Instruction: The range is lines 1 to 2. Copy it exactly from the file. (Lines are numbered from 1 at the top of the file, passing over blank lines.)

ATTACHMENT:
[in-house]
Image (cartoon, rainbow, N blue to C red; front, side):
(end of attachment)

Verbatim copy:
[in-house]
Image (cartoon, rainbow, N blue to C red; front, side):